Not quite.

Like all systems with human intervention, medical research is struck by inefficiencies and guided by incentives, making it a slow moving, conservative industry in terms of how it adapts to things.

Most people claim the “human problem” is bigger but what caught my attention about the “technological problem” is that in spite of the fact that our technological progress has been substantial, the cost of developing a new drug roughly doubles every nine years.


This phenomenon has been named Eroom’s Law (yes. that’s “Moore’s Law” spelled backwards):

Eroom’s Law indicates that powerful forces have outweighed scientific, technical and managerial improvements over the past 60 years, and/or that some of the improvements have been less ‘improving’ than commonly thought. The more positive anyone is about the past several decades of progress, the more negative they should be about the strength of countervailing forces. If someone is optimistic about the prospects for R&D today, they presumably believe the countervailing forces — whatever they are — are starting to abate, or that there has been a sudden and unprecedented acceleration in scientific, technological or managerial progress that will soon become visible in new drug approvals.

So let’s break up some of these technological problems into two.

First, you have a data problem.

Big pharmaceutical companies run each study as a separate silo. Their focus is on the outcome of each individual project, ignoring the big-picture.

This means that each study has its own separate database that can’t talk to other databases (instead of having one large, comprehensive dataset of all studies).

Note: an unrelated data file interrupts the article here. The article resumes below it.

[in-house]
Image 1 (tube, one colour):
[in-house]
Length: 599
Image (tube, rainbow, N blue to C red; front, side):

This reminds me of the meme I used a few months ago when trying to explain the European Commission’s data strategy:

This is a big problem because these multi-billion dollar companies can’t even answer simple questions like how many female diabetes patients were ever enrolled in your trials, let alone merge complex data from multiple sources and run a meta-analysis to produce stronger or novel outcomes.

Here's Derk Arts from Castor:

"No one is asking themselves: how do we create exponential value out of the combination of all these projects instead of just focusing on the outcome or the individual projects? It's very hard to do any sort of drug development or discovery on your data if you don't even start investing in it today. Every day we are starting new trials, we should also start investing in, standardizing your data, making machines so in a few years from now we can turn this into a huge competitive advantage."

Second, you have a tools problem. If you think about the typical clinical study it looks like roughly like this:

  1. Recruit patients
  2. Gather consent from patients
  3. Monitor patients and collect data overtime (sometimes from different sources)
  4. Analyze data

Recruiting patients and gathering their consent is an arduous step. But the most complex challenge comes later, when researchers have to monitor and capture data from a variety of sources and monitor patients over time.